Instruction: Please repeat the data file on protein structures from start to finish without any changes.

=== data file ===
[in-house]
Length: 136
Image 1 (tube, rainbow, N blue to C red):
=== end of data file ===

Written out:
[in-house]
Length: 136
Image 1 (tube, rainbow, N blue to C red):